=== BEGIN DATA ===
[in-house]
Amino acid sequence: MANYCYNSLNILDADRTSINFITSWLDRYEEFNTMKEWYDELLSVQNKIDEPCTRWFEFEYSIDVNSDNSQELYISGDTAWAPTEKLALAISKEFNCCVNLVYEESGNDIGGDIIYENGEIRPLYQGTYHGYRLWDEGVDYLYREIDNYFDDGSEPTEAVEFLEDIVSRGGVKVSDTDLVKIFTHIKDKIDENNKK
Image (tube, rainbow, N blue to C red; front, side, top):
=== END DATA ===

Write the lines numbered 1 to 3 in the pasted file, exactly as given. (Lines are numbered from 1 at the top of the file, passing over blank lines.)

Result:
[in-house]
Amino acid sequence: MANYCYNSLNILDADRTSINFITSWLDRYEEFNTMKEWYDELLSVQNKIDEPCTRWFEFEYSIDVNSDNSQELYISGDTAWAPTEKLALAISKEFNCCVNLVYEESGNDIGGDIIYENGEIRPLYQGTYHGYRLWDEGVDYLYREIDNYFDDGSEPTEAVEFLEDIVSRGGVKVSDTDLVKIFTHIKDKIDENNKK
Image (tube, rainbow, N blue to C red; front, side, top):